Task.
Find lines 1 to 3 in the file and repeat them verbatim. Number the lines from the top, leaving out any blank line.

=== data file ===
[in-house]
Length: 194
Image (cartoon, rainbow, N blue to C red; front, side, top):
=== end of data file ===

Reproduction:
[in-house]
Length: 194
Image (cartoon, rainbow, N blue to C red; front, side, top):